Ireland's national stadium goes 100% renewable for Six Nations

Aviva stadium, home of the Ireland rugby team will be fully powered by renewable energy for the upcoming 2016 Six Nations tournament, becoming the first stadium in the competition to be so.

The move is expected to save almost 2,500 tonnes of carbon emissions in 2016 alone

The move is expected to save almost 2,500 tonnes of carbon emissions in 2016 alone

The stadium has teamed up with SSE Airtricity - Ireland’s largest provider of wind power – who will supply green electricity and gas.

The move is expected to save almost 2,500 tonnes of carbon emissions in 2016 alone, equivalent to the fuel emitted by a jet circumnavigating the world 500 times or the carbon stored by 22 acres of mature rainforest.

“At Aviva Stadium, the jerseys, the seats and the pitch have always been green – now, by switching to SSE Airtricity, the energy at the stadium becomes 100% green,” said head of business energy at SSE Airtricity, Stephen Gallagher.

SSE Airtricity will also be helping the stadium to cut its day-to-day energy use through a variety of efficiency measures.


Until now, Cardiff’s Millennium Stadium has been arguable the greenest venue in the competition, having achieved the BSI British Standard 8901 for Sustainable Management Systems for Events.

The Cardiff stadium has LED lighting, rainwater harvesting, and a segregated recycling system. Following the 2015 Rugby World Cup, the stadium recycled 98% of the plastic advertising hoardings around the venue.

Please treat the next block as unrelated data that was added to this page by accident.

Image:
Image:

Global transformation

The Six Nations will not be the only international sporting event going green this weekend, as Sunday night could see the first ever carbon-positive Superbowl, in Santa Clara, California.

This year’s venue, the $1.2bn Levi's Stadium became the first stadium in the United States to earn LEED Gold status when it opened in 2014.

The facility boasts  1,162 solar panels, which are designed to generate more electricity annually than is consumed during the 10 football games a year that it hosts. There are also three solar panel-covered bridges serving as entrances and exits to the stadium.

Since Levi's Stadium was constructed in the midst of California's longest-ever drought , water stewardship was a top priority. About 85% of the water used at the building is recycled water provided by the Santa Clara Valley Water District.

Around this year’s game, Pacific Gas & Electric (PG&E) will provide a temporary green power infrastructure that will consist of, electricity generated from hydrogen fuel cells, renewable diesel, and grid-based green energy.

The Superbowl concessionaire, will also manage a food service that will source all products from sustainable vendors within a 50-mile radius of Levi’s Stadium, and use cutlery and flatware made from compostable materials. 

Brad Allen


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